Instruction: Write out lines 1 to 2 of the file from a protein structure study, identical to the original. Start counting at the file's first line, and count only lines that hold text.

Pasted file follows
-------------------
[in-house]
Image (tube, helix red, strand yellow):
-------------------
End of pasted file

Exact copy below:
[in-house]
Image (tube, helix red, strand yellow):